This is part two of a two-part magazine article. For the first installment, click here.
Cakes, Breads, and Puddings
Of French origin, buche de Noel (Yule log) is one of many traditional cakes and breads enjoyed at Christmas. Made of thinly-rolled sponge cake filled with jam or cream, the log is then covered in chocolate buttercream and textured to resemble bark.
Panettone is a wonderful Italian egg-enriched bread with sugar, honey, raisins, spices, and candied peel, traditionally gifted at Christmas.
Stollen is a type of sweet bread from Germany traditionally served during the holidays. These yeast cakes are made with wheat flour, white sugar, butter, eggs, dried fruit, and marzipan (almond paste).
Gingerbread and ginger cookies are featured prominently on northern European Christmas tables. There’s debate among historians as to whether the first gingerbread houses appeared as a result of the popular Grimm’s fairy tales or the brothers Grimm were writing about something that already existed. Either way, generations of children have enjoyed helping to bake, construct, and decorate these festive houses.
Originally, British mince pies did indeed include minced meat as well as dried fruits, sugar, and spices. The distinction between mincemeat and mince was drawn in the mid-19th century, when meat began disappearing from the recipe, leaving the fruit, nut, sugar, spice, and suet product we know today.
Christmas pudding (aka plum pudding) traditionally contained charms such as silver coins, symbolizing good luck for the New Year. The name “plum” originally referred to a prune but came to mean any dried fruit. The Christmas pudding in its current form has been more or less established since the 19th century.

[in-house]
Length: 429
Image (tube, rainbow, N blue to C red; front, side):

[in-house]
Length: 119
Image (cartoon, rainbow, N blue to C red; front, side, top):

Where to buy? You’ll find panetonne in most of the international supermarkets, including April Gourmet, BHG Market Place, City Shop, DD Supermarket, Jenny Lou’s, and Jenny Wang’s. Comptoirs de France has panetonne, yule logs, and gingerbread. Costa Coffee, Paris Baguette, Starbucks, and Tous les Jours are already serving up some festive cakes and desserts. Ikea sells frozen blocks of gingerbread dough, so you can make your own cookies (using Ikea’s festive cookie cutters, of course). The Swedish chain also sells tins of ginger cookies and marshmallow snowmen. For stollen, Christmas cakes, and Christmas puddings, head to City Shop and Kempi Deli, and for mince pies you can’t beat The Paddington Kitchen.
Catering and Dining Out
For those who want to enjoy all the trappings of Christmas dinner in the comfort of their own home without having to stuff a turkey or boil a single sprout, there are at least two places that will happily do all the hard work for you:
- Culinary Capers: The complete cooked turkey meal includes stuffing, gravy, seasonal vegetables, and desserts. You can also buy an uncooked turkey to roast yourself (gravy included).
- Village Café: Pre-order all your Christmas delicacies and pick them up from the Village Café, they’ll have them ready for your oven or piping hot ready to serve. Whole turkeys, deluxe hams, smoked salmon, apple pie, Christmas cake, Christmas stolen, and many more delights. Order at least four days prior to the intended pick-up date. A 50 percent deposit is required at the time of order.
Throughout the holidays, many restaurants and hotels will be serving up festive feasts around town. From a Christmas Eve banquet to a Boxing Day brunch, most hotels will provide entertainment and activities for the kids, leaving the adults to sit back and enjoy a very Merry Christmas. Stay up-to-date on our website.
This article originally appeared on p24-25 in the December 2014 issue of beijingkids. To view it online for free, click here. To find out how you can obtain your own copy, email firstname.lastname@example.org.
Photos: benjamin thomas and Simon Law (Flickr)